Security: The AV Way Or The IoT Way

In the latest episode of A State Of Control, Mark Day highlights some things IoT devices do really well. Rich Fregrosa counters by pointing out that you give up some control with IoT solutions. There have even been cases where thousands of devices were negatively affected by manufacturer updates pushed over the air.

mirai

After the episode was released, it was reported that the Mirai malware can now target AV devices from LG and WePresent. To protect devices in the field, a security patch is required; A firmware update that fixes the vulnerability.

Getting all those devices updated will require many “Firmware Fridays”. Also known as talented AV professionals running around with laptops and watching progress bars. Such is the drudgery of AV today.

The devices in question may not normally be considered a part of the IoT. But if it is connected to a network with internet access, guess what? It is a thing on the internet.

What’s missing are secure communication protocols, authentication and a fleet management platform. Maybe someday there will be standards for this sort of thing. But for now, here are a few approaches…

The AV Way

Many AV devices can be controlled over the network. But most were designed to operate on an isolated “AV network”. They require no login and transmit messages without encryption. In other words, they were not designed with the internet in mind.

Isolated AV networks provide 100% security from internet-based attacks. The trade-off is every feature that needs internet access. Do you really trust that automatic 3:00 am Sunday update?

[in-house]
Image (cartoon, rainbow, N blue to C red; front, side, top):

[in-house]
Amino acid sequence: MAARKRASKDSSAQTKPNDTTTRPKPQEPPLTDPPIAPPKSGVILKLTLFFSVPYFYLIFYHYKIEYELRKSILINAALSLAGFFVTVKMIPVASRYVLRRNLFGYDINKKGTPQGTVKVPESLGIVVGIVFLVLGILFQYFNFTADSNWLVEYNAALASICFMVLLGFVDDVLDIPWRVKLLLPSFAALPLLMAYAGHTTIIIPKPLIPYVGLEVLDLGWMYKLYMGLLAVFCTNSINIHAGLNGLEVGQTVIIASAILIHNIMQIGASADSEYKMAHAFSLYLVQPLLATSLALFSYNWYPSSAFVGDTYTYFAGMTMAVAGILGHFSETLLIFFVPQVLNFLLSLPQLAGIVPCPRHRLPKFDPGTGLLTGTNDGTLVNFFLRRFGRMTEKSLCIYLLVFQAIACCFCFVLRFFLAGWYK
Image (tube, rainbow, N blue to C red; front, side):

The IoT Way

IoT devices automatically connect to the manufacturer’s cloud application allowing the manufacturer to push updates at will. That could be good if they always do the right thing. But sometimes mistakes are made.

Unless the manufacturer offers an SLA guaranteeing uptime, integrators give up some control in how these devices are managed.

A Hybrid Approach

Some AV manufacturers are starting to offer platforms that let technology owners and service providers manage device updates online. This is a step in the right direction. But last I checked, it is impossible to design an AV system with all of the components from a single manufacturer.

We still need a way to manage those other devices. And some of those other devices need to be segmented away from the internet because they still use unauthenticated and unencrypted protocols.

One approach is to set up the network so only one device has internet access. Let’s call that device a Remote Management Gateway.

The remote management gateway can provide access to the protected network through an online dashboard or virtual private network (VPN). Managed service providers can then apply security updates and provide support without being on-site.

There is a lot to consider in this scenario. A secure online dashboard should have two factor authentication enabled. Strong passwords and a password manager should also be used.

As an extra security measure, the VPN can be turned off when not in use. Effectively creating a network that can go online and offline as needed. There would need to be some interface that allows someone on the local network to enable the VPN when needed.

What Do You Think?

Maintain the status quo and hope for the best? Demand manufacturers manage their own devices? Push for industry standards? Will integrators step up and become managed service providers?

Let’s hear what you think in the comments…

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